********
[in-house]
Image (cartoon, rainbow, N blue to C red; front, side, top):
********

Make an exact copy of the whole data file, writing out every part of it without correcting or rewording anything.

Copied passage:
[in-house]
Image (cartoon, rainbow, N blue to C red; front, side, top):